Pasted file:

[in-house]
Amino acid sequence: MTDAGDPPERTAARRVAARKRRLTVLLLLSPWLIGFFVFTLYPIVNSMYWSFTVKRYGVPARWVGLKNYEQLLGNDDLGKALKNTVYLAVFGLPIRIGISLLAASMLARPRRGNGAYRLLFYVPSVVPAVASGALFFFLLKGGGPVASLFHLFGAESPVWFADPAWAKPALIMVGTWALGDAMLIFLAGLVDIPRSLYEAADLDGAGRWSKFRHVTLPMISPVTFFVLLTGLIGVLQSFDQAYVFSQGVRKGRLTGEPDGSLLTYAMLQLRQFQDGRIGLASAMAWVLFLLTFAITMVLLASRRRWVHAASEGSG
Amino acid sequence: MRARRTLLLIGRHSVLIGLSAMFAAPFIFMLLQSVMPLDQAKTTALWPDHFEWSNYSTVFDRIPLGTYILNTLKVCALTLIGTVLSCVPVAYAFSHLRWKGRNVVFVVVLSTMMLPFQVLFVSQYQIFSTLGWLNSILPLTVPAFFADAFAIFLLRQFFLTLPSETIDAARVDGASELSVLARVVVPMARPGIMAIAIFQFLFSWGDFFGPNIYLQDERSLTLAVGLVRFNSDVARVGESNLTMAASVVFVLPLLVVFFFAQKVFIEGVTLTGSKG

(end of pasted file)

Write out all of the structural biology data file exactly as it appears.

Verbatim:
[in-house]
Amino acid sequence: MTDAGDPPERTAARRVAARKRRLTVLLLLSPWLIGFFVFTLYPIVNSMYWSFTVKRYGVPARWVGLKNYEQLLGNDDLGKALKNTVYLAVFGLPIRIGISLLAASMLARPRRGNGAYRLLFYVPSVVPAVASGALFFFLLKGGGPVASLFHLFGAESPVWFADPAWAKPALIMVGTWALGDAMLIFLAGLVDIPRSLYEAADLDGAGRWSKFRHVTLPMISPVTFFVLLTGLIGVLQSFDQAYVFSQGVRKGRLTGEPDGSLLTYAMLQLRQFQDGRIGLASAMAWVLFLLTFAITMVLLASRRRWVHAASEGSG
Amino acid sequence: MRARRTLLLIGRHSVLIGLSAMFAAPFIFMLLQSVMPLDQAKTTALWPDHFEWSNYSTVFDRIPLGTYILNTLKVCALTLIGTVLSCVPVAYAFSHLRWKGRNVVFVVVLSTMMLPFQVLFVSQYQIFSTLGWLNSILPLTVPAFFADAFAIFLLRQFFLTLPSETIDAARVDGASELSVLARVVVPMARPGIMAIAIFQFLFSWGDFFGPNIYLQDERSLTLAVGLVRFNSDVARVGESNLTMAASVVFVLPLLVVFFFAQKVFIEGVTLTGSKG